The Blue Grass Situation Mixtape: Turn Turn Turn's Sonic Journey

June 22, 2020

Me and my Turn Turn Turn bandmates Savannah Smith and Barb Brynstad have chosen a mix of music that’s either helped shape us as musicians and songwriters, resonates with us in these uncertain times, or is stuff we keep coming back to, like that lover we can’t seem to shake. It’s old and new like our band — we “turn” to the distant past of early American recorded music, “turn” again to that renaissance of the 1960s and 1970s, and finally “turn” again to the present looking forward. We hope you dig the sonic journey. — Adam Levy

Ry Cooder – “Boomer’s Story”
Probably one of the most influential players of my life. Evocative, funky, reverent of past blues players, but super innovative. All the double stops sound like he’s often imitating fiddlers. I do that on the guitar solo for our song “Fourteen.” This song is the ultimate Ry Cooder groove with Jim Keltner on drums. Reminds me of years listening to it touring in a van with my band, The Honeydogs. — Adam

Luluc – “Controversy”
There’s another level of calm within Luluc’s music I have always appreciated. Nico with modern themes… I don’t know how they do it, but they do it so well. — Savannah

The Staple Singers – “Freedom Highway”
Who can say they HAVEN’T been influenced by the Staple Singers? Unvarnished, insistent, and catchy as hell, it’s no surprise that “Freedom Highway” is as eminently listenable today as it was in 1965. And sadly, although it was written more than five decades ago, this song’s imperative message resonates just as strongly in 2020 as it did during the apogee of the Civil Rights movement. — Barb

Judee Sill – “The Lamb Ran Away With the Crown”
It’s hard to choose a favorite of hers. One of the greatest underappreciated American songwriters. She crosses genres, she sings some of the most profoundly spiritual music and she hooks the listener with amazing harmonic movement and melodies. If you don’t have goosebumps at the rousing end of this gem you might need to check your pulse. As good as anything on Pet Sounds — maybe better. — Adam

Turn Turn Turn – “Delaware Water Gap”
Imagine if Dylan wrote a song about a female serial killer and had Emmylou Harris and Stevie Nicks join him while Grady Martin and Clarence White duel on guitar. — Turn Turn Turn

Sarah Jarosz – “House of Mercy”
I fell in love with multi-instrumentalist Sarah Jarosz a few years ago, when I saw her perform at the Dakota, a renowned live-music venue in Minneapolis. Fresh-faced and not too far out of college (New England Conservatory of Music), she played as a part of a well-oiled trio of seasoned twentysomethings. This particular song appeals to me because it pierces the conventions of traditional bluegrass music — lyrically, vocally, and instrumentally. Importantly, it was my gateway to a deeper appreciation of bluegrass and old-time music. — Barb

Lefty Frizzell – “Treasures Untold”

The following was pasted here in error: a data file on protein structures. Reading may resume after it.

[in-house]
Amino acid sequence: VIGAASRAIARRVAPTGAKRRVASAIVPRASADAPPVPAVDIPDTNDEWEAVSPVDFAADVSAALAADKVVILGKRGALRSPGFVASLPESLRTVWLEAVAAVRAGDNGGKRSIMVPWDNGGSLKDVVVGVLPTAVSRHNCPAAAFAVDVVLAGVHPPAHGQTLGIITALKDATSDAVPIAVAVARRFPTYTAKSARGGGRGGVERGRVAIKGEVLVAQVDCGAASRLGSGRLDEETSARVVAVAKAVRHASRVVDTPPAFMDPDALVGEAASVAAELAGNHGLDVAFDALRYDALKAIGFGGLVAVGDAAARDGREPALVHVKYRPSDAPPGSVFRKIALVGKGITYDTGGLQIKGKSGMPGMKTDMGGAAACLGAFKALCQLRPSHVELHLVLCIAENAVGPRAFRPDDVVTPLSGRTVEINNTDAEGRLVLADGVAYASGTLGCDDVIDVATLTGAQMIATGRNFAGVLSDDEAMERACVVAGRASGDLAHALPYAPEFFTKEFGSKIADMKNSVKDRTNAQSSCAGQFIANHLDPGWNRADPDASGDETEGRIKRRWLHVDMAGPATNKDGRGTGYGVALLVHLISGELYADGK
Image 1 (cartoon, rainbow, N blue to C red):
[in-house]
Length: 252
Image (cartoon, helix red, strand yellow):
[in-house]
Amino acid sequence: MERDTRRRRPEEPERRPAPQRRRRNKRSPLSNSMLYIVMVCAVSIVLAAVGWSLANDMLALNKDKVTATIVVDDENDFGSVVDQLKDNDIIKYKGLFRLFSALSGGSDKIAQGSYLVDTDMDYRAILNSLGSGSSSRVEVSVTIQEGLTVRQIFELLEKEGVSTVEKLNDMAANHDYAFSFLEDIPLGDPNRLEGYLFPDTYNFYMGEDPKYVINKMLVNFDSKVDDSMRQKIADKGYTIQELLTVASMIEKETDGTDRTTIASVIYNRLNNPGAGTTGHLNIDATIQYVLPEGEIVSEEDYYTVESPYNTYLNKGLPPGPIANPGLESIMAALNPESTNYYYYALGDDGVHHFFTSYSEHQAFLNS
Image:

Lefty is often overlooked in the country music pantheon. His velvety voice and cheeky chords meld honky-tonk gently with Tin Pan Alley pop. This song is nearly perfect to me as a composition. — Adam

Jessica Pratt – “As the World Turns”
Jessica Pratt’s voice and melodies are incredibly ethereal. I’ve always admired her songwriting, especially in this song. To me, I feel the driving, unstoppable passing of time while stuck in a trance of reflection. — Savannah

Turn Turn Turn – “Cold Hard Truth”
Adam wrote this one about deep self-examination and suggested Barb and Savannah do the vocal heavy lifting. We’re pretty proud of this bridge and we bet Phil Spector or Jeff Lynne would give us a nod of approval. — Turn Turn Turn

Dixie Chicks – “The Long Way Around”
I love the Dixie Chicks for their fearless defiance of conformity. And I love this song’s transcendent harmonies, soaring hooks, and in-your-face lyrics (“I wouldn’t kiss all the asses that they told me to”) that serve as a clarion call to all the uppity movers and shakers who refuse to be conventional. — Barb

The Rolling Stones – “Loving Cup”
I came to country music through the Stones. They always had a couple of country nods with close harmonies, twangy pedal steel-like riffs, and stories about dissipation, loneliness, yearning, and travel. “Loving Cup” is loose and sexy, takes you by the hand, spanks you and just keeps building with that piano-horn-driven, drum-tripping outro. — Adam

Laura Stevenson – “Time Bandits”
Laura Stevenson is someone I have always really looked up to. Both her voice and her songwriting are incredibly powerful. This song hit me really hard during quarantine; it’s heartbreakingly hopeful. — Savannah

Big Bill Broonzy – “Glory of Love”
The first time hearing this I was struck by the driving rhythm. I thought it was a couple of guitarists. I spent a couple of days figuring out this relatively simple three-chord song. And I only recently figured out how to get that ragtime banging drive happening — some 30 years after first hearing it. — Adam

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